Which Stains Worse, Ketchup or Mustard?
We posed this question to five experts and their answers were overwhelmingly one-sided.
From fast food joints to cafeterias to backyard barbecues, no two condiments are as ubiquitous in the United States as ketchup and mustard. It's also why, when it comes to a saucy substance shooting into your lap, these guys are the most likely culprits. But just as people can be extremely opinionated on which one makes for a better burger topping, ketchup and mustard can also elicit quite a debate over which one is worse to get on your clothes. With its bright red hue, ketchup would seem like the obvious answer for creating a more conspicuous stain, but experienced klutzes will often attest to mustard's steadfastness when it comes to actual cleanup.
So which camp is correct? We reached out to several experts with a very simple question, "Which stains worse: ketchup or mustard?" And the answer was essentially unanimous.
As founder of Mulberrys Garment Care, a mini-chain of about a dozen eco-friendly laundry and dry cleaning stores in San Francisco and Minneapolis, Dan Miller knows about stains, and his answer was unequivocal. "Definitely mustard," Miller tells us. "Mustard is what we call a combination stain so it requires multiple steps to remove. Ketchup is relatively straightforward." Okay, well if ketchup is so easy, how do you get the stain out? "Ketchup is a plant-based stain," he explains further. "These can be removed with acids such as lemon juice or vinegar. To treat, simply blot the stain with a towel or dish cloth, then pour vinegar on the stain and let sit for five minutes. Then rinse with cold water and pre-treat with an enzyme-based stain remover such as Zout, and then wash." Meanwhile, with mustard, Miller says you're going to need to grab some bleach to finish things off. "[Mustard] has dye from the turmeric. To treat the stain, first blot the stain with a towel. Then put a small amount of laundry detergent or enzyme-based stain remover to break down the base of the stain. Then to remove the dye, use a color-safe bleach such as hydrogen peroxide. Let this sit for 10 minutes and then wash."
Speaking of bleach, we decided to reach out to Clorox to get its opinion on the subject. The well-known brand put us in touch with Mary Gagliardi, the company's in-house laundry and cleaning expert who goes by the prestigious title Dr. Laundry. Though not an actual doctor, she does have more than 15 years of experience as a scientist in laundry product R&D at Clorox. "Mustard typically includes turmeric to increase the yellow color, which will make the stain more difficult to remove than a ketchup stain," she tells us. "Ketchup's color is often just cooked tomato. Anything with added color will be more challenging to remove, but if you have the right laundry products, it doesn't have to be difficult."
Our fabric experts agreed as well. We got in touch with Vikki Martin, vice president of fiber competition for Cotton Incorporated, the cotton trade association you probably recognize from their "Seal of Cotton" logo and "Fabric of Our Lives" campaign. "Mustard is more difficult to remove than ketchup," Martin asserts. "It's essentially a homemade dye when turmeric and vinegar combine." Similar to Miller's advice, Martin says that whereas ketchup can be fought off with a little diluted vinegar before washing, mustard will likely require breaking out all the stops. "Launder using the hottest water and the type of bleach listed on the care label that is safe for the fabric," she says. She also warns that with both stains, "It might take more than one wash."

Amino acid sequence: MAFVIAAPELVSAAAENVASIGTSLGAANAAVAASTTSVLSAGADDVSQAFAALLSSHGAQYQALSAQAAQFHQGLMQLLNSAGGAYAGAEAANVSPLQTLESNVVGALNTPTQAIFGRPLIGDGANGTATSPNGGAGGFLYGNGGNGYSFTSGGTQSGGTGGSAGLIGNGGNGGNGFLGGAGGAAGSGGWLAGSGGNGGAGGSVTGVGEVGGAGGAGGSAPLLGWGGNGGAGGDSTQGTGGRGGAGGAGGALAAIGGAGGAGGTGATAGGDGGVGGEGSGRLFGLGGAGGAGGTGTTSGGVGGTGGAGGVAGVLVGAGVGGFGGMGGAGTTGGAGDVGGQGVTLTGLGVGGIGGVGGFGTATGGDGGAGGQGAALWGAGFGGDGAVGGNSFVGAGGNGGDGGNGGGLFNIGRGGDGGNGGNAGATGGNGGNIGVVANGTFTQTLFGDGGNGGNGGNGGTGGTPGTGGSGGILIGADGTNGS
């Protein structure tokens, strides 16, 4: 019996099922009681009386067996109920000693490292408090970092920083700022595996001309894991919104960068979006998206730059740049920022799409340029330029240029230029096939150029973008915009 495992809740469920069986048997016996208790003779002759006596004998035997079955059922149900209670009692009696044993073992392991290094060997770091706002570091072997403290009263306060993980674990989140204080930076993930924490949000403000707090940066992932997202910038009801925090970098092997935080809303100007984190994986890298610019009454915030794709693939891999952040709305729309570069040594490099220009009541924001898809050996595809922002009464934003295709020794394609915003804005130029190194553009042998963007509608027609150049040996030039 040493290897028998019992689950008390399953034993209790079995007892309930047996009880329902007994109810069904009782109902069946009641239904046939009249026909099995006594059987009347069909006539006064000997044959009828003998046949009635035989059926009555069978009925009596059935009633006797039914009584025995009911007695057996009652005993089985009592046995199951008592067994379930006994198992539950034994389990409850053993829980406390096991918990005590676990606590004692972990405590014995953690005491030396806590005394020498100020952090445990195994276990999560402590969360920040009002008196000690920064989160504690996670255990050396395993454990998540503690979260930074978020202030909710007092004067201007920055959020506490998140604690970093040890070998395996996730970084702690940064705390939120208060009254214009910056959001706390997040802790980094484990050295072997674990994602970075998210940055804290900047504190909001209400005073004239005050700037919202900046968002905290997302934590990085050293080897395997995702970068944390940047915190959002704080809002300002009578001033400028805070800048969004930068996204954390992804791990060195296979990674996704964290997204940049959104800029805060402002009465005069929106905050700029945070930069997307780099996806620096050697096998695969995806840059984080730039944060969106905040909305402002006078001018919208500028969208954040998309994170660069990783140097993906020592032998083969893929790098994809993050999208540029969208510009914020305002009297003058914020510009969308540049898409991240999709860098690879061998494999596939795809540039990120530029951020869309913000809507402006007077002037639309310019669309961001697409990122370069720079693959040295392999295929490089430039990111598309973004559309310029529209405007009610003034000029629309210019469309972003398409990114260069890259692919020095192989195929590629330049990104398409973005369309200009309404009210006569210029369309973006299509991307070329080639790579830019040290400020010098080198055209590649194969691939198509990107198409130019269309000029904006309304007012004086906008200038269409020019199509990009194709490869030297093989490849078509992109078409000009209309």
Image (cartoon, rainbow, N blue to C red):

Meanwhile, Mary Zeitler, Fabric Care Lead Consumer Scientist at Whirlpool Corporation – a company that has been helping people clean clothes for over a century – went so far as to call mustard one of the worst stainers out there. "Of all the condiments, yellow mustard is one of the toughest stains to remove," she said via email, before reiterating a common theme. "That's because it is filled with turmeric, which can act as a dye on fabric, in order to achieve its signature yellow color."
Still not convinced? We spoke to one last cleaning expert, Debra Johnson who works with Merry Maids, one of America's largest home cleaning services. Again, her choice was clear, once again focusing on the dreaded "T" word. "Condiments are some of the worst stains to get on any fabric, but yellow mustard wins this debate hands-down," she explains. "This is because of what gives it that yellow color: turmeric. Turmeric is a huge culprit when it comes to food stains, and unfortunately, if you don't treat it immediately, it will likely ruin whatever clothing, furniture or carpet it has found itself on this time." Her advice… move fast: "Mustard might not come out if you wait too long."
So there you have it: Five experts, all from slightly different fields, all with one identical answer… Personal tastes aside, mustard stains far worse than ketchup. Maybe that helps explain why ketchup is so much more popular? Could it be we're all just a bit more subconsciously concerned about stains than we thought?
This article originally appeared on Food&Wine.com.